I could go on, as there are many other detrimental aspects of these designs, but let’s listen to some of the locals who have been bravely fighting this monstrosity with very little outside support until now. Michael Rouchell is a local architect and preservationist who has been prolific in his writing, including this post on Roberta Gratz, this cost comparison of renovating Charity versus building new, and this overview of the whole sordid affair, which includes excellent illustrations.
Gate Pratt, another local architect who’s also fighting, suggested these resources as well: PreserveNation has weighed in on the issue, as has the Louisiana Landmarks Society. Save Mid-City Houses is a blog devoted to the fight.
Michael and Gate are two of a small but committed band of preservationists in New Orleans who have been doing the street-fighting, but they’re exhausted, and just about out of time. The Mayor just established a 45-day final review period, but if nothing changes, then the rumbling noise you’ll hear will be the bulldozers cranking up to level block after block of historic structures.**
The bottom line is this: the detrimental aspects of this design will cost the city more in the long run than the billions of dollars spent on its construction. Please help by lending your voice to the effort to save New Orleans from this mammoth act of disastrous short-sightedness. Say something! In 45 days, it will be too late.
Note: If any of the images above are useful to you, they’re available at high resolution for printing or download on my Zenfolio site. Just click on the image and it’ll take you there.
* “... comparable to the portion of the Lower Ninth Ward that was smashed...” refers to the portion that was physically smashed by the force of the water, not just flooded. This was roughly the first 3 blocks from the levee. At 10 blocks wide, that was essentially 30 square blocks.
** Michael told me this evening that only the LSU portion of the project got the 45-day review period. The bulldozers are already demolishing the historic houses of the VA portion, so timing is critical.
Monday, June 28, 2010 - 05:01 PM
Steve... Great post. I hope your's, Ann Daigle's, Michael's, Gate's, and everyones' efforts to battle this issue are successful. How does the individual not involved in this effort chip in? Is there a particular agency, or business to contact to lodge conplaints... or another action/outlet more beneficial?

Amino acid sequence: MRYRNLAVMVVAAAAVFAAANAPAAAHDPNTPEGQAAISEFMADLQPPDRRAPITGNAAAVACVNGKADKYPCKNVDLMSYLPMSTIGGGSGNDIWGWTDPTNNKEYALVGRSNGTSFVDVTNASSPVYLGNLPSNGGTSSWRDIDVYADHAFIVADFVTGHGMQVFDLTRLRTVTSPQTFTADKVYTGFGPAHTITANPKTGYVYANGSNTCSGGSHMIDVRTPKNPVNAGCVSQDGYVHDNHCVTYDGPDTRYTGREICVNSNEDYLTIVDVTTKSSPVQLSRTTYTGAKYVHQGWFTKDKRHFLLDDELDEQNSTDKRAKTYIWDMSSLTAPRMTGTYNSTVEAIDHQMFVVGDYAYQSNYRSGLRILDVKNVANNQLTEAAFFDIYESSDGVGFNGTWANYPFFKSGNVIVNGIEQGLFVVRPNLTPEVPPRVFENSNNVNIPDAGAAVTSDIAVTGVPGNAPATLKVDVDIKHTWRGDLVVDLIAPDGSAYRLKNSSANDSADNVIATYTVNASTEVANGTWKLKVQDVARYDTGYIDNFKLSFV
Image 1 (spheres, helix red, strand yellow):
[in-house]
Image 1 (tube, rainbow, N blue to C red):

Monday, June 28, 2010 - 06:10 PM
I'm with Chad -- anything I can do from New England? To whom do we send a howler? I didn't have any idea this was happening. So frustrating -- do we really need to keep making the same mistakes?
Monday, June 28, 2010 - 06:33 PM
There are two important things to do, IMO, to get this on the national agenda immediately:
1. Tell what's happening to everyone in your network, with your take on it, so that it comes across with passion and authenticity. You're likely only one or two degrees of separation (whether you realize it or not) from someone who has the means to elevate the story to the national level.
2. Take the story to influential media people you follow regularly, but who don't know you. Your batting average is likely lower with those that don't know you, but since 100% of these people have the means to go national (as opposed to a smaller percentage of those who do know you) then it's equalized a bit.
Wednesday, June 30, 2010 - 07:00 PM
Save for the heroics of technology in saving lives, there's a good case to be made here for the traveling doctor again. The problem is, we've designed our entire "sickness care system" around 5% of our actual needs: emergency/acute medicine. It's a design problem that starts with a word far more relevant than sustainability: responsibility.